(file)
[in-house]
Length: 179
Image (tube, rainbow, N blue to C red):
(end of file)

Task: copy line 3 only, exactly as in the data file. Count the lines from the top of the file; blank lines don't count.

Image (tube, rainbow, N blue to C red):